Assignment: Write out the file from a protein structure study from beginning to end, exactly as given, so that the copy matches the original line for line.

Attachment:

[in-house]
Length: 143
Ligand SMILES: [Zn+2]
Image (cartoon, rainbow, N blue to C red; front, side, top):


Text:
[in-house]
Length: 143
Ligand SMILES: [Zn+2]
Image (cartoon, rainbow, N blue to C red; front, side, top):